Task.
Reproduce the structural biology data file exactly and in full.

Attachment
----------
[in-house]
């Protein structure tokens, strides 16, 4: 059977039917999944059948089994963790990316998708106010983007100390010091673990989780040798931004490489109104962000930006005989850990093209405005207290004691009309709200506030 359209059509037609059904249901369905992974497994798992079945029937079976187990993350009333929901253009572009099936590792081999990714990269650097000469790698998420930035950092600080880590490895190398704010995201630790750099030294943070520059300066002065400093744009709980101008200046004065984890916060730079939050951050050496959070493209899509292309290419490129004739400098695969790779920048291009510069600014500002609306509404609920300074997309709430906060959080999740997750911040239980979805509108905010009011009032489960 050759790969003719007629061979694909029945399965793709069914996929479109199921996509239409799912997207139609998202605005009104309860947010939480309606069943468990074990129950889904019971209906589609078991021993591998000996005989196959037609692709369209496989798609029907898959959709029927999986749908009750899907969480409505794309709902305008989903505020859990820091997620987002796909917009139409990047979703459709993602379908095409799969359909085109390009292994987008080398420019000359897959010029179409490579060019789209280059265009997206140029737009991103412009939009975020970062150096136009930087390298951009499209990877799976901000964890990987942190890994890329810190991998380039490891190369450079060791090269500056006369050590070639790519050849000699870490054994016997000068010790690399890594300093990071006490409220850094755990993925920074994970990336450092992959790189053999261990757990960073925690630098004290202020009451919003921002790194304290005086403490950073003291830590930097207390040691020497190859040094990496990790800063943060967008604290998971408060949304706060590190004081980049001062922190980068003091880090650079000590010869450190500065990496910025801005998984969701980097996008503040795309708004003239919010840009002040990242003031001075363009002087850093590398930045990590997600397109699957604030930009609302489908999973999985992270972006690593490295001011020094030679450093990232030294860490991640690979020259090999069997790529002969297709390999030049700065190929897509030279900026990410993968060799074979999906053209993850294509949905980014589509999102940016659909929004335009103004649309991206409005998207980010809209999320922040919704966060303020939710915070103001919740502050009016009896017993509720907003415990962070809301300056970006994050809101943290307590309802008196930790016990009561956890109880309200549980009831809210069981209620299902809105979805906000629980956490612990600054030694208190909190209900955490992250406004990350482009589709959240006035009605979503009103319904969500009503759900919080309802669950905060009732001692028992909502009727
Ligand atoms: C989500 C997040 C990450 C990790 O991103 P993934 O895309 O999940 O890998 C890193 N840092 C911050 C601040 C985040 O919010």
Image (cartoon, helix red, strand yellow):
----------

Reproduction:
[in-house]
């Protein structure tokens, strides 16, 4: 059977039917999944059948089994963790990316998708106010983007100390010091673990989780040798931004490489109104962000930006005989850990093209405005207290004691009309709200506030 359209059509037609059904249901369905992974497994798992079945029937079976187990993350009333929901253009572009099936590792081999990714990269650097000469790698998420930035950092600080880590490895190398704010995201630790750099030294943070520059300066002065400093744009709980101008200046004065984890916060730079939050951050050496959070493209899509292309290419490129004739400098695969790779920048291009510069600014500002609306509404609920300074997309709430906060959080999740997750911040239980979805509108905010009011009032489960 050759790969003719007629061979694909029945399965793709069914996929479109199921996509239409799912997207139609998202605005009104309860947010939480309606069943468990074990129950889904019971209906589609078991021993591998000996005989196959037609692709369209496989798609029907898959959709029927999986749908009750899907969480409505794309709902305008989903505020859990820091997620987002796909917009139409990047979703459709993602379908095409799969359909085109390009292994987008080398420019000359897959010029179409490579060019789209280059265009997206140029737009991103412009939009975020970062150096136009930087390298951009499209990877799976901000964890990987942190890994890329810190991998380039490891190369450079060791090269500056006369050590070639790519050849000699870490054994016997000068010790690399890594300093990071006490409220850094755990993925920074994970990336450092992959790189053999261990757990960073925690630098004290202020009451919003921002790194304290005086403490950073003291830590930097207390040691020497190859040094990496990790800063943060967008604290998971408060949304706060590190004081980049001062922190980068003091880090650079000590010869450190500065990496910025801005998984969701980097996008503040795309708004003239919010840009002040990242003031001075363009002087850093590398930045990590997600397109699957604030930009609302489908999973999985992270972006690593490295001011020094030679450093990232030294860490991640690979020259090999069997790529002969297709390999030049700065190929897509030279900026990410993968060799074979999906053209993850294509949905980014589509999102940016659909929004335009103004649309991206409005998207980010809209999320922040919704966060303020939710915070103001919740502050009016009896017993509720907003415990962070809301300056970006994050809101943290307590309802008196930790016990009561956890109880309200549980009831809210069981209620299902809105979805906000629980956490612990600054030694208190909190209900955490992250406004990350482009589709959240006035009605979503009103319904969500009503759900919080309802669950905060009732001692028992909502009727
Ligand atoms: C989500 C997040 C990450 C990790 O991103 P993934 O895309 O999940 O890998 C890193 N840092 C911050 C601040 C985040 O919010």
Image (cartoon, helix red, strand yellow):